RBTR – Gears

Mitchell Gadd


Hello everybody, and welcome to another edition of Reading Between the Ropes. Sport is a profession which takes its toll on the body. Athletes are like thoroughbreds; it doesnâ<80><99>t take much for an injury, slight niggle, or tweak to set an athlete of course, and discomfort him. Everything has to be right for the athleteâ<80><99>s mind to be at ease, and for his body to be in tip-top shape to perform at its peak.

In athletics, injuries are common place. Sprinters are seemingly always on the sidelines with some kind of injury, whether it be hamstring, Achilles, groin, calf, or whatever. In cricket, fast bowlers have issues ranging as far as toe injuries, with the pressure applied to the front of the boot as the foot slides across the crease, to side strains and back problems due to the pressure applied to their bodies in their delivery. It doesnâ<80><99>t take a genius to work out where tennis elbow originated from, and the list of injuries applied to American football and football players is extensive.

Wrestling is no different from these sports in the sense that wrestlers suffer all variety of injuries. Iâ<80><99>ll leave you guys to ponder amongst yourselves the different types of injuries you can recall wrestlers suffering over the years. So, what can wrestlers do about stemming these injuries? What can superstars do to stop the mounting list of injuries that are waiting to be suffered as they work a non-stop schedule?

Well, the obvious answer would be to work a part time schedule, or to take some kind of sabbatical, like Chris Benoit did in 2006. However, things like that can seriously hamper a wrestlerâ<80><99>s likelihood at being awarded a title, or being given a regular top spot on the card. We all know how stubborn Vince McMahon can be, so telling Vince where and when you can work might prove problematic in relations between wrestler and promoter, and could lead to a serious push down the card.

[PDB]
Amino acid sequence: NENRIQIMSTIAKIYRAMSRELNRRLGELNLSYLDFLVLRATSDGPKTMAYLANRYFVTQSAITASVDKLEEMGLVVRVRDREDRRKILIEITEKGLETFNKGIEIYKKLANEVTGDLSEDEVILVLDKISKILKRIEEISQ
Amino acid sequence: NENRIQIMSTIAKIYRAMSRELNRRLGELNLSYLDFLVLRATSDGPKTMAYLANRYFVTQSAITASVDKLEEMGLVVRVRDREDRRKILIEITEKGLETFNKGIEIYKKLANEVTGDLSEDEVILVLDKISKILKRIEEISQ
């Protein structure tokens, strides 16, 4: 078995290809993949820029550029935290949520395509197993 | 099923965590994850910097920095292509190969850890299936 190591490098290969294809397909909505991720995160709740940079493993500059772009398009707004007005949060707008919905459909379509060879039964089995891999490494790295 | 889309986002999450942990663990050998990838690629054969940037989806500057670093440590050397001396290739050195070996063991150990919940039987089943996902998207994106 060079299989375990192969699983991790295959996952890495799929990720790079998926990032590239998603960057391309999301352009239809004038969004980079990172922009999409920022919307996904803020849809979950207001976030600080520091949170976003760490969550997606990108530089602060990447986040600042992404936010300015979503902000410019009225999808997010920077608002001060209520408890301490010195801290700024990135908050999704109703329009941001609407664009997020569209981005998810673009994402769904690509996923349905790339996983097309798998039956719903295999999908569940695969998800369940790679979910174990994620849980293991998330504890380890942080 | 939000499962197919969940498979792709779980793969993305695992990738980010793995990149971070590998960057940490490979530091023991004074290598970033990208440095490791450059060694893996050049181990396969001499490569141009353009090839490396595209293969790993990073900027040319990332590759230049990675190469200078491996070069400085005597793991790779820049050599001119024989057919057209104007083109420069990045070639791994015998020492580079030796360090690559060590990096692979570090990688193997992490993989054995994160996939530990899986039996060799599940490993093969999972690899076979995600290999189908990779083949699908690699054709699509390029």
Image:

So, whatâ<80><99>s the answer?

Well, perhaps the answer lies in simply conserving oneâ<80><99>s energy; being careful about where and when you choose to give your everything. Quite simply, perhaps itâ<80><99>s about NOT giving 100 percent each and every time you step out in front of a live audience.

Crazy, I know, and perhaps a tad unfair on those souls who sit their and pay their hard-earned money to see you perform. However, ultimately, wrestlers may have to make these decisions to preserve their careers and, maybe, their lives.

In cricket, after initially establishing themselves with good first class performances, the top Test match players almost always fail to deliver when they come back for a brief appearance for their county side. If you look at the top international bowlers over the past 10 years, you will see that at first class level their records are average at best, at least they are AFTER being selected for Test match cricket.

Itâ<80><99>s an obvious case of using gears â<80>” gears of performance. They know when to turn it on and when to turn it off. Itâ<80><99>s a natural instinct. A primal instinct. An instinct of survival; in this case the survival and preservation of their bodies and, with it, their careers at the top level.